Purchase this article with an account.
Siegfried Wahl, Alexander Leube, Renu Dhasmana, Premjeeth Moodbidri, Joachim Kuss; The Aloka Vision Program - Holistic approach increase availability of eye care in unserved areas in India. Invest. Ophthalmol. Vis. Sci. 2019;60(9):5824.
Download citation file:
© ARVO (1962-2015); The Authors (2016-present)
Globally, the leading causes of visual impairment are uncorrected refractive error (43%) and cataract (33%). These two eye health related conditions are easily treatable by simple glasses or standard surgery resulting in at least 75% of preventable cases of blindness, but often not accessible in unserved areas.The purpose of the current study was to establish eye care screening and service in unserved urban and rural areas in north India. The Aloka Vision Program combines an optometrical and opthalmological screening as mobile eye camps with organized referrals to local eye hospitals.
The current study reports on vision screenings in the northern India district of Uttarakhand. Vision screening was performed by setting up eye camps in an urban area (Dehradun city, 450m above sea height) and in a rural area (Mussoorie, 2,000m above sea height). Each eye camp included optometrists and ophthalmologists, volunteers from local NGOs and supporting stuff. 402 people, aged between 7 to 80 years, from urban (N = 211) and rural (N = 191) areas in the district of Uttarakhand, India, were screened in regards of refractive error, visual acuity and eye health, specifically for cataract and pterygium.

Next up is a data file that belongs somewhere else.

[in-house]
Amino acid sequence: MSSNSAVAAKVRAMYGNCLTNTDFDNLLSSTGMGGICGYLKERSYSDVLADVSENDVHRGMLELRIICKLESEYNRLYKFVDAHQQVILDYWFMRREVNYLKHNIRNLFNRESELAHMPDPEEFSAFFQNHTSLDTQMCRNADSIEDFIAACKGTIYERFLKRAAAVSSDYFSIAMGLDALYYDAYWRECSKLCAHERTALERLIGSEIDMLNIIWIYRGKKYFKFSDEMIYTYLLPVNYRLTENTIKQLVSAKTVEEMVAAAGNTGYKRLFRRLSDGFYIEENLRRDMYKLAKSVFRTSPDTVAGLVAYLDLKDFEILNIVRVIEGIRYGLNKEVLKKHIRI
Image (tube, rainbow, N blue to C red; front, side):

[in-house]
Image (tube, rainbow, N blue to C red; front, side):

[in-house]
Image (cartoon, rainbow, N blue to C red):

Mild and severe visual impairment with visual acuity below 0.5 logMAR affected every fifth person, independent from the living environment, whereas the refractive error show a small shift towards more negative values for the urban environment (Delta_M = 0.67D; p = 0.11). The risk for blindness was three times higher in rural compared to the urban area and mainly caused by cataract. With a combination of mobile optometry and opthalmology screening 90% of the attended people could be referred to a vision-improving treatment. This reduces the travel costs for the local inhabitants, their satisfaction and can increase the cost effectiveness of eye screening programs.
Lack of accessibility and affordability were the main reasons for not attending regular vision test in the rural and urban areas. A holistic approach providing ophthalmology inclusive optometry in vision screening combined with a mobile screening camp and a well-organized referral coordination by local NGOs, private companies and local, public health partners, can provide an increase in accessibility and effectiveness for vision and eye care services in rural and urban areas.
This abstract was presented at the 2019 ARVO Annual Meeting, held in Vancouver, Canada, April 28 - May 2, 2019.
This PDF is available to Subscribers Only